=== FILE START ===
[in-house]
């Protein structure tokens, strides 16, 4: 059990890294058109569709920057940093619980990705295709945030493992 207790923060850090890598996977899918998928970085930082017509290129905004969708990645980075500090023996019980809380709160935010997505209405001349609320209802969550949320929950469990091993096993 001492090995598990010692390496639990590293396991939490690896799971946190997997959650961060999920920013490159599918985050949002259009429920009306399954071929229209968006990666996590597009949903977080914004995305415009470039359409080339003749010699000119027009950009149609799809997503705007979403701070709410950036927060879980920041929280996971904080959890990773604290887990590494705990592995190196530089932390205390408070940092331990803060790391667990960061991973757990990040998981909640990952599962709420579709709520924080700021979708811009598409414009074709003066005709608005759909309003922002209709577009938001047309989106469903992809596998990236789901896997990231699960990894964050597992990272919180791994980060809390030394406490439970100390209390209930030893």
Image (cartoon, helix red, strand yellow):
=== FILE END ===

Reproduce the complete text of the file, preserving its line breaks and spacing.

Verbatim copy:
[in-house]
């Protein structure tokens, strides 16, 4: 059990890294058109569709920057940093619980990705295709945030493992 207790923060850090890598996977899918998928970085930082017509290129905004969708990645980075500090023996019980809380709160935010997505209405001349609320209802969550949320929950469990091993096993 001492090995598990010692390496639990590293396991939490690896799971946190997997959650961060999920920013490159599918985050949002259009429920009306399954071929229209968006990666996590597009949903977080914004995305415009470039359409080339003749010699000119027009950009149609799809997503705007979403701070709410950036927060879980920041929280996971904080959890990773604290887990590494705990592995190196530089932390205390408070940092331990803060790391667990960061991973757990990040998981909640990952599962709420579709709520924080700021979708811009598409414009074709003066005709608005759909309003922002209709577009938001047309989106469903992809596998990236789901896997990231699960990894964050597992990272919180791994980060809390030394406490439970100390209390209930030893």
Image (cartoon, helix red, strand yellow):